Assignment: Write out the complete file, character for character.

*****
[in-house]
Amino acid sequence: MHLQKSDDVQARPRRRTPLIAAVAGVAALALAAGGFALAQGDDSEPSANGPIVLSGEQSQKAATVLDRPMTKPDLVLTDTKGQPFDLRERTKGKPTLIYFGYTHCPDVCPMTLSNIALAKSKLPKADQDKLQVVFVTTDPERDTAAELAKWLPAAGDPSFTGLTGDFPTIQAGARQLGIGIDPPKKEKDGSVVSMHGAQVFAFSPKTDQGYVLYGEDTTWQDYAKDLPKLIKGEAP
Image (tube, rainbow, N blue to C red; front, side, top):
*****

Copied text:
[in-house]
Amino acid sequence: MHLQKSDDVQARPRRRTPLIAAVAGVAALALAAGGFALAQGDDSEPSANGPIVLSGEQSQKAATVLDRPMTKPDLVLTDTKGQPFDLRERTKGKPTLIYFGYTHCPDVCPMTLSNIALAKSKLPKADQDKLQVVFVTTDPERDTAAELAKWLPAAGDPSFTGLTGDFPTIQAGARQLGIGIDPPKKEKDGSVVSMHGAQVFAFSPKTDQGYVLYGEDTTWQDYAKDLPKLIKGEAP
Image (tube, rainbow, N blue to C red; front, side, top):